Legislative Assembly for the ACT: 1995 Week 8 Hansard (26 October) . . Page.. 2071 ..
MR DE DOMENICO (continuing):
The question of possible conflict of interest was canvassed prior to formal award of the contract by the Department of Urban Services. The contract services unit of the Department of Urban Services confirmed verbally that correct procedures were followed. Mr Hird's status as an MLA was not a consideration in the selection process - and I stress that. The Department of Urban Services having followed correct procedures laid out by the former Labor Government, there was no conflict of interest. Harold Hird and Associates and all other tenderers whose submissions were received by the department by the close of business on 6 October were notified of the result in writing on 9 October. On 10 October Mr Michael Hawkins from Capital Property Auctions, who was also invited to tender and did tender, but obviously unsuccessfully, raised concerns verbally with Transport Regulation regarding a possible conflict of interest in Harold Hird and Associates receiving a contract from the ACT Government to conduct the auction.
Mr Connolly: This is new. You were alerted to conflict of interest. Good. Keep going.
MR DE DOMENICO: No, I was not alerted at all. The department was alerted, Mr Connolly. I have kept right away from the process. A PAQ regarding this complaint was prepared on 17 October. In addition to the seven auctioneers who were telephoned by Transport Regulation and submitted tenders, an unsolicited proposal was received through a Mr Reg Abbey, who represents a Sydney company called Hymans Auctioneers. While the proposal provided no direct fee to the Government, it proposed a one per cent buyers premium, calculated on the bid price, to be charged to the buyer. So the freebie that everybody has been talking about would have pocketed Mr Hymans, or whoever he was, on yesterday's prices, $24,000. Boy, would that have been a good deal for the Government! This was assessed as likely to persuade any prudent purchaser to lower his or her bid by the amount of the premium and in practical terms - and in actual terms as of yesterday - would have pocketed Hymans $24,000.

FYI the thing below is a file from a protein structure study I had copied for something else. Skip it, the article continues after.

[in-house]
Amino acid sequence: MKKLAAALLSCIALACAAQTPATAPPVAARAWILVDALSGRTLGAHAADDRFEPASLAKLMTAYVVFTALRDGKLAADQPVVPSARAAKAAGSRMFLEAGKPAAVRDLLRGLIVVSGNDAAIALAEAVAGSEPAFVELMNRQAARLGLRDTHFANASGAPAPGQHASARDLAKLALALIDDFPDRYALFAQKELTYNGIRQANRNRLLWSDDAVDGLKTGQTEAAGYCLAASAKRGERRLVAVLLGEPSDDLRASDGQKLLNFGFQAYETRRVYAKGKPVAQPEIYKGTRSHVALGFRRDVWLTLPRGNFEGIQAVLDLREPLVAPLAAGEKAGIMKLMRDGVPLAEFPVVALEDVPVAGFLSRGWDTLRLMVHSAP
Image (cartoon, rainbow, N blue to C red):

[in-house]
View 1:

In addition, the proposed buyer premium is not provided for - and this is important - in the terms and conditions of auction which I tabled the other day and which all people who had been invited to tender were given a copy of. They had already been made available to the inquirers also. In this context, the bid would be considered non-conforming. First of all, it was a non-conforming bid and could not have been considered anyway. Secondly, this so-called freebie would have pocketed the auctioneer $24,000 - not a $250 flat fee, but $24,000. By gee, did we do a bad deal on this one! As the bid was assessed as non-competitive and non-conforming, the applicant was advised in writing that the submission was unsuccessful. The department, by the way, ascertained that Hymans was represented in the Canberra region very recently by a Mr Reg Abbey. As Mr Abbey advertises as an individual in the Canberra directory and is not known to the department, he was not selected for invitation to tender.
I am advised that on 18 October Mr Abbey from Hymans raised concern with Transport Regulation, stating that their quote could not be unsuccessful, had to be successful, as their proposal would be of no cost to the ACT Government. He was going to pocket $24,000, mind you, but his bid had to be successful, because he wanted it of course! He was going to pocket $24,000. No wonder he wanted his bid to be successful.